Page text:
About IGS Certification
Founded in 1998, The International Gem Society (IGS) was the first Internet-based school of gemology to serve a global audience. The goal was to reach people who could not otherwise afford a formal education in gemology. IGS’s founder, Donald Clark, created a robust testing process to ensure that those with IGS certification would stand out in the crowd. IGS continues to use the testing material created by Donald Clark to ensure continuity and rigor.
As of November 2013, students will be able to take all tests online. The course is self-study. This means that all of the material is available in the Reference Library, and the burden is on the student to learn the material. There are no online tutorials or classes. The benefit of this approach is that each student can learn at his or her own pace, and on his or her own schedule. Students can take as long as they want to complete each exam in the certification process to ensure familiarity and understanding of the material.
IGS-Certified Professional Gemologist
An IGS-certified Professional Gemologist must:
(1) Pass three 100-question written exams with a score of 87% or better. Each individual exam must be completed within 90 minutes. The student may retake the tests an unlimited number of times until they pass each one.
(2) Thereafter, they must also pass a practical exam which requires identifying and grading 10 gemstones. We will send you the gemstones, which will be common to the trade and include natural, enhanced, synthetic, and assembled stones. Deductions will be made for errors, and the applicant must score 87% or better to pass.
When the written and practical tests have been completed with passing scores, the IGS-Certified Professional Gemologist certificate will be awarded.
Certification Cost: $350
The cost to become an IGS-certified Professional Gemologist is $400 with a $50 refund given if you choose to return the stones used for the practical test. (You may keep the stones instead, if you wish.)
This results in a total cost of $350 (assuming you choose to return the stones).
Please note that certification costs are non-refundable.
All the information you need is located in our Reference Library. There are no other books required. The gemology course is divided into sections:
An Introduction to Gemology covers basic subjects of interest to the general public. These are non-technical articles designed to open the doors to a complex subject.
Advanced Gemology explains the technical terms used to define gems and introduces the more complex subjects.
Practical Gemology goes one step further, explaining how to use the tools of gemology and what to do with the information they supply. This is the essence of gem identification. This is the most difficult part to learn. It takes time and practice to learn how to use these instruments properly. Take one instrument at a time and master it before moving on to the next one. Intersperse this practice with your reading for the quickest learning. (See “Tools of the Gemologist” for a list of necessary instruments.)
Gem Grading details the factors used in grading diamonds and colored stones.
Advanced Gem Information gives details on specific gems.
Appraising Once you have learned how gems differ from one another, how to identify them and what properties determine their value, you can move on to appraising. The actual appraising is fairly simple after one has mastered gem identification and grading.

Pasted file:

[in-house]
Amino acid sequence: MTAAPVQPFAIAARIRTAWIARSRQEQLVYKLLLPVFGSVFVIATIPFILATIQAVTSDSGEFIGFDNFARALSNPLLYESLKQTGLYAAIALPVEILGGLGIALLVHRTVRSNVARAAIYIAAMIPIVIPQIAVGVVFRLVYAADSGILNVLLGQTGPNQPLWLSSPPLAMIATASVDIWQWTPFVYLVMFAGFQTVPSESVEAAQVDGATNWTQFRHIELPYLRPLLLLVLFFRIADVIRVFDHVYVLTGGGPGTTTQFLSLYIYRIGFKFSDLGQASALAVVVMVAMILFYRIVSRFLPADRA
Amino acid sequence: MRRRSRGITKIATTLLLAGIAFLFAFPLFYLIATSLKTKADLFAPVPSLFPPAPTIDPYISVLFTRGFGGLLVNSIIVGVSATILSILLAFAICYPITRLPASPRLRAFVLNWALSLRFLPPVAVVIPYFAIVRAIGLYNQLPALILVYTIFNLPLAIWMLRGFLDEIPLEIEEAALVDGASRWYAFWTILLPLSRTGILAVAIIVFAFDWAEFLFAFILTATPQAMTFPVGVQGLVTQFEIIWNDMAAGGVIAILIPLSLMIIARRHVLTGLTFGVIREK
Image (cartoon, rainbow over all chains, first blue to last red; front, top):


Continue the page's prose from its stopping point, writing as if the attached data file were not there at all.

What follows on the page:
For beginners we have a structured syllabus, however you may study in any order that suits you.
Many people want to know how the IGS course compares with those offered by the GIA or similar organizations. Many are specifically asking how our gemologist certification compares to a GG degree. The GIA is an excellent organization. Their Graduate Gemologist degree is the most respected credential a person can hold in this industry. If you have the time and money, and are serious about a career in the gem industry, the GG course should be your first choice.
The IGS certification program was created for everyone else. The founder of IGS and author of the program, Donald Clark, has strong connections with the lapidary community. For years, he listened to amateurs giving inaccurate advice to others. For example, he heard things like: “If your blue stone has an RI of 1.625, then it is topaz, not aquamarine.” Those two properties, color and RI, also belong to tourmaline and a few rare minerals. Blue topaz and blue tourmaline have vastly different values. Not knowing the difference can be costly, in terms of both money and reputation.
Don believed that the problem stemmed not from the well-meaning lapidary sharing his incomplete knowledge, but that there wasn’t anywhere to learn gem identification, short of taking a $3,000 course. For them, he created IGS. It is dedicated to all the gem cutters, collectors, jewelers, and others wanting to know more about gems. The Professional Gemologist program was also created for those lacking the resources for a GG degree. A typical example would be a person making a midlife career change. This often involves working two jobs for a period, or the time consuming process of starting a new business.
What the certification tells a customer, or potential employer, is that the holder has proven their knowledge of gemology: that they are versed in its terminology, the properties of gems, how they are valued, and that they possess the skills and knowledge to distinguish one gem from another. But let us be clear: having a certification may open doors. Beyond that, it is the way an individual presents themselves and their work ethic that determines their success.